Posted by John Keller
ARLINGTON, Va., 7 March 2010. U.S. Navy researchers are continuing work to develop a quiet, lightweight backpack that generates electricity by tapping into the up-and-down energy people generate when they walk.
The Office of Naval Research (ONR) in Arlington, Va., is negotiating a phase-two Small Business Technology Transfer (STTR) contract with Lightning Packs LLC in Strafford, Pa., to reduce the weight of a backpack able to generate electricity the company has developed, and reduce noise the backpack makes when it generates electric power.
ONR researchers are asking Lightning Packs designers to refine their design of the Suspended Load Backpack, which has the rigid frame of a normal hiking backpack, yet suspends its load from the frame on vertical springs attached to a generator. The load moves up and down as the wearer walks, which activates the generator and makes the load easier to carry.
The Suspended Load Backpack is the invention of Dr. Lawrence C. Rome, a professor of biology at the University of Pennsylvania and a Whitman Investigator at the Marine Biological Laboratory in Woods Hole, Ma.
Rome and his colleagues envision a backpack for soldiers, Marines, first responders, and even children on the way to school to help lighten loads and generate electricity for portable devices.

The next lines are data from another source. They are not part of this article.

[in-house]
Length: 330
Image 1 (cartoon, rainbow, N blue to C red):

The Suspended Load Backpack can generate as much as 7.4 Watts of electricity when the wearer is walking -- enough to power or recharge an MP3 player, night-vision goggles or a three-LED headlamp, handheld computer, a CMOS image decoder, a handheld GPS, and Bluetooth, Lightning Packs officials say.
"As humans walk, they vault over their extended leg, causing the hip to rise five to seven centimeters on each step," Rome explains. "Since a normal backpack is connected to the hip, it must be lifted the five to seven centimeters also But with the Suspended Load Backpack, the load is not directly connected to hip, making it easier to walk and less strenuous on the back."
Enhancing the Suspended Load Backpack design is part of ONR's "Harvesting Electric Power from Walking" project.
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